He was born in Strasbourg, served in the Breton Volunteers and then came to Nova Scotia as a Foreign Protestants with Edward Cornwallis in 1751. Pernette served as an aide-de-camp during the taking of Quebec City in the Battle of the Plains of Abraham. He first settled at Halifax but later moved to the New Dublin area. He built a gristmill and a sawmill on the LaHave River and also built the first ship on the river. Pernette served as justice of the peace, deputy surveyor and was colonel in the local militia, participating in the defense of Lunenburg during the Raid on Lunenburg, Nova Scotia (1782). He also conducted a census of the area and constructed a road to Lunenburg. Pernette also operated a ferry connecting that road to the road to Liverpool.
His daughter Charlotte married Charles Morris and his daughter Catherine married Garrett Miller.Lot 11, Prince Edward Island
Lot 11 is a township in Prince County, Prince Edward Island, Canada. It is part of Halifax Parish. Following the Seven Years' War, Lot 11 was awarded in the land lottery of 1767 to Colonel Hunt Walsh, the commanding officer of 28th Regiment of Foot at the capture of Louisbourg and the Battle of the Plains of Abraham. While ownership remained with the heirs of Colonel Walsh, portions of the lot were leased to settlers under sequential administration by land agents James Bardin Palmer, John Large and James Warburton. In 1856, the Walsh heirs sold the lot to the colonial government for resale to leaseholders in accordance with the Land Purchase Act of 1853.Lot 56, Prince Edward Island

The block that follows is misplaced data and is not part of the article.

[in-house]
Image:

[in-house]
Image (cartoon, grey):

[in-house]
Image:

Lot 56 is a township in Kings County, Prince Edward Island, Canada. It is part of St. George's Parish. Lot 56 was awarded to George Townshend, 1st Marquess Townshend in the 1767 Lottery. General Townshend had assumed command of the British forces after General James Wolfe fell at the Battle of the Plains of Abraham during the Seven Years' War. Townshend later became Lord Lieutenant of Ireland. One quarter of the lot was granted to Loyalists in 1783.Louisbourg Grenadiers
The Louisbourg Grenadiers was a temporary unit of grenadiers formed by General James Wolfe in 1759 to serve with British Army forces in the Quebec campaign of the Seven Years' War.
Grenadiers from the 22nd, 40th, and 45th regiments were brought together by Wolfe at the Fortress of Louisbourg in Nova Scotia in preparation for action along the St. Lawrence River. The unit was involved in numerous battles during the months-long prelude to the Battle of the Plains of Abraham, including the ill-fated Battle of Beauport on July 31, 1759. After Quebec City's capture, the Grenadiers went on to be involved in the fall of Montreal the next year. After the end of the Seven Years' War, the unit was disbanded and its members returned to their original regiments.Mamongazeda